23rd Parliament · 3rd Session
Mr. SPEAKER (Hon. John McLeay) took the chair at 2.30 p.m., and read prayers.
– I ask the Prime Minister whether he has heard of a statement by Senator Ormonde that the Australian Democratic Labour Party gets the donkey vote. Since most Australian Democratic Labour Party preferences go to the Government, will the Prime Minister give us a performance of the “ Donkey Serenade “ which gathers them together so that we might see how it is done? Will the Prime Minister also tell us where the donkeys get their carrots, particularly the rich election carrot of 108 minutes on television at a cost of £10,000, which was provided at the recent Victorian State election?
– In the world of donkeydom, I concede at once the honorable member’s supremacy.
– I ask the Minister for External Affairs whether any officer of the Department of External Affairs contacted the member of the Foreign Office of red China in Peking who defected to Hong Kong two years ago. If so, was there any confirmation of the report that he said that red China, after her admittance to the United Nations, hoped to become the leader of the Afro-Asian group in that organization and to sponsor a resolution calling on Australia to open her northern gates to red Chinese migration on the ground that the pressure of her population was a threat to peace?
– I hope the honorable member will allow me to have a look into the records so that I can give a proper answer.
– I preface a question addressed to the Postmaster-General by stating that, during the 7 p.m. news session on 12th October, the Australian Broadcasting Commission reported its vice-chairman, Mr.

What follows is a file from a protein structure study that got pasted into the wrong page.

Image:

Dawes, as saying that, despite the growth of television, the commission intended to expand the radio services. In view of that statement, will the Minister advise whether it is proposed to recommence the frequency modulation broadcasting services in New South Wales and elsewhere? I ask this question in view of the recent closure of the frequency modulation station to accommodate television frequencies.
– I did not see the statement referred to by the honorable member for Banks. If I understood the honorable member correctly, he attributed to the vicechairman of the Australian Broadcasting Commission a statement that the development of television would not affect the expansion of radio services. That is quite correct.
The honorable member ties up with that statement an inquiry as to whether it is therefore proposed to go on with the provision of frequency modulation services. The two matters are not related. The reason for the action taken by the department in closing down the frequency modulation services has been stated quite plainly by me in this House. It has also been referred to in the report of the Huxley committee, which has been before the House, and the decision arrived at will stand.